I don’t think I’ve spent enough time at Yale, specifically, to talk about Yale, but my experience of American campuses is that they are bubbles of extreme egalitarianism and extreme awareness of the issues. Honestly, if the whole of society in every country in the world was as progressive as American campuses are, we would all have very happy lives. Students are very aware of problems relating to racism,sexism and classism. They’re paying a lot of attention to them. They’re very mindful. So, it’s a very comfortable environment.
Yeah, of course, it’s so expensive and you need to be so good. So, yeah, there is a level of privilege about anywhere where you have the time to think about issues and… Even the students who have to work, they don’t have to work nearly as much as students in other places. But the small problem about this is that these are private universities and not accessible to everyone. So, it’s a problem. 


Which figures inspired you, regarding the herstory?

Of course, Simone de Beauvoir. It’s a difficult question, because I think there are people whose books really matter for you. De Beauvoir is probably the biggest inspiration for me, but there are also a lot of people you see doing things. My two grandmothers, in very different ways, were very big inspirations for me, because one was, as I told you, just a very submissive Mediterranean woman – and still is, because she’s still alive. My other grandmother was the opposite. She was a very strange, very independent woman who lived on her own, in London, got a divorce, raised a kid on her own while having her own job. It was very bold to do that. My mother is an important filmmaker. So, I’ve also been very inspired by a lot of the women around me, seeing how they fought for things and for how costly their fights were – as well as the constant energy that is required to not be too submissive. But then, there are also a lot of male writers too. In both my first and second books, I talk a lot about Rousseau. Rousseau was a very important philosopher, for me. I love disagreeing with him. He’s like a friend that you disagree with on a lot of things, but whom you really love very dearly, so you feel like you constantly have to fight with him. There are also professors that really mattered to me, my mentor, my dissertation advisor, who is a French philosopher called Sandra Laugier, who really counted for me, and also a lot of fantastic feminist philosophers from the US, who really introduced me to things and whose writing really inspires me. There is this woman called Nancy Bauer, Sally Haslanger, Susan Brison... Just reading them constantly pushes me to do more.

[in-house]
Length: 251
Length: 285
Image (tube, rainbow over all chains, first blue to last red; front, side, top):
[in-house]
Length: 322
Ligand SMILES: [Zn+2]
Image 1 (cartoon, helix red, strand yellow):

Do you have a must-read book list to suggest to us?

Yes, of course. I suggest reading The Second Sex and maybe, all of de Beauvoir’s memoirs. I find them fantastic, but I’d say just try to read women. I think it changes a lot of things, when you read women. Even if you’re interested in, for instance, egalitarian sexuality, try to read Normal People, by Sally Rooney. How do you try to think about sex in a non-patriarchal way? If you’re interested in current feminism, try to read Amia Srinivasan’s new book, called The Right to Sex, which is very interesting.  Yeah, I just say, try to read women in whatever kind of books you’re interested in reading. Not that they’re always good, but if you haven’t read classical literature, try to read Mary Shelley or Jane Austen. There is something about trying to read women and watch women’s movies and look at women’s art. Also, sometimes women really suck, and I think that’s the great thing about where we’re at right now – that sometimes women can be really bad, and that’s OK. Feminism is advanced enough that we can recognise that sometimes women are not great, and that sometimes women are complicit with the oppression of other people. But, yeah... Try to read women.